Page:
Top general: US ground troops possible in Iraq WASHINGTON (AP) - American ground troops may be needed to battle Islamic State forces in the Middle East if President Barack Obama's current strategy fails, the nation's top military officer said Tuesday as Congress plunged into an election-year debate of Obama's plan to expand airstrikes and train Syrian rebels. A White House spokesman said quickly the president "will not" send ground forces into combat, but Gen. Martin Dempsey said Obama had personally told him to come back on a "case by case basis" if the military situation changed.
Obama's Ebola response: Is it enough and in time? WASHINGTON (AP) - President Barack Obama declared Tuesday that the Ebola epidemic in West Africa could threaten security around the world, and he ordered 3,000 U.S. military personnel to the region in emergency aid muscle for a crisis spiraling out of control. The question was whether the aid would be enough and was coming in time. An ominous World Health Organization forecast said that with so many people now spreading the virus, the number of Ebola cases could start doubling every three weeks.
S. Korea detains US man in waters near border SEOUL, South Korea (AP) - South Korean border guards arrested an American man who they believe was attempting to swim across the border into rival North Korea, a South Korean defense official said Wednesday. The man was arrested Tuesday night at a river near the Korean Demilitarized Zone, part of a restricted military area, said the official, speaking on condition of anonymity due to office policy. He said investigators are questioning the man about the purpose of his apparent attempt to enter North Korea but gave no further details.
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Hunt on for survivalist charged in trooper killing BLOOMING GROVE, Pa. (AP) - Hundreds of law enforcement officers fanned out across the dense northeastern Pennsylvania woods Tuesday in the hunt for a heavily armed survivalist suspected of ambushing two troopers as part of a deadly vendetta against police. Eric Matthew Frein, 31, of Canadensis, is "extremely dangerous" and residents in the area should be alert and cautious, State Police Commissioner Frank Noonan said at a news conference in which he revealed the suspect's name.
Dempsey: Half of Iraqi army not OK as US partners PARIS (AP) - About half of Iraq's army is incapable of partnering effectively with the U.S. to roll back the Islamic State group's territorial gains in western and northern Iraq, and the other half needs to be partially rebuilt with U.S. training and additional equipment, the top U.S. military officer said Wednesday. Gen. Martin Dempsey, chairman of the Joint Chiefs of Staff and a former wartime commander of U.S. training programs in Iraq, said a renewed U.S. training effort might revive the issue of gaining legal immunity from Iraqi prosecution for those U.S. troops who are training the Iraqis. The previous Iraqi government refused to grant immunity for U.S. troops who might have remained as trainers after the U.S. military mission ended in December 2011.
Separatists in Quebec, Scotland share lessons MONTREAL (AP) - Quebec's separatists are watching closely this week to see if the Scottish independence movement has learned from their failed attempts to break away from Canada. And it could be rejuvenated if Scotland breaks away from the United Kingdom. The Scottish National Party, which is leading the campaign for Scotland to vote yes in Thursday's vote on independence, has been advised over the years by separatists in Quebec, a French-speaking province where two referendums on independence failed, though the last "Non" was narrow. Polls suggest the outcome in Scotland will be close.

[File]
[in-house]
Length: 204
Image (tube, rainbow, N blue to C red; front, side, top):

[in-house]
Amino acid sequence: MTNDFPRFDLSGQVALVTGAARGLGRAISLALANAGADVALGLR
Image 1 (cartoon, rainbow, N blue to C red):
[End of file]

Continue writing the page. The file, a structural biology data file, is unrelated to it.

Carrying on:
Hospitals struggled during Sandy, report says TRENTON, N.J. (AP) - When Superstorm Sandy slammed into the Northeast nearly two years ago, hospitals found themselves dealing with surges in patients, lost power supplies and employees who couldn't get to work - problems that a new federal report finds they were not prepared to handle. The U.S. Department of Health and Human Service's Inspector General Office released a study Wednesday on the emergency preparedness and response during the storm at 172 hospitals in the hardest-hit areas of New York, most of Connecticut and all of New Jersey.
2014 MacArthur 'genius grant' winners unveiled CHICAGO (AP) - A professor whose research is helping a California police department improve its strained relationship with the black community and a lawyer who advocates for victims of domestic abuse are among the 21 winners of this year's MacArthur Foundation "genius grants." The Chicago-based John D. and Catherine T. MacArthur Foundation announced on Wednesday the 2014 recipients, who will each receive $625,000 to spend any way they like.
Brazil election may change diplomatic direction SAO PAULO (AP) - More than a decade of Workers Party rule has seen Brazil prioritize ties with its leftist regional neighbors, from helping muscle socialist Venezuela into the Mercosur trade bloc to financing a billion-dollar transformation of an industrial port in Cuba. But if President Dilma Rousseff fails to fight off the surging candidacy of reform-minded Marina Silva before presidential voting in October, South America's largest economy could reset its focus.
Minneapolis-St. Paul 1 site of anti-terror program MINNEAPOLIS (AP) - The cities of Minneapolis and St. Paul will participate in a Department of Justice pilot program designed to engage at-risk communities and stop extremists from recruiting Americans to join terror organizations overseas, U.S. Attorney Andy Luger said Tuesday. Luger, who announced the Twin Cities' participation in an interview with The Associated Press, said the program will bring more national expertise and resources to address terror recruiting in Minnesota to "build what we hope will be a model for the rest of the country."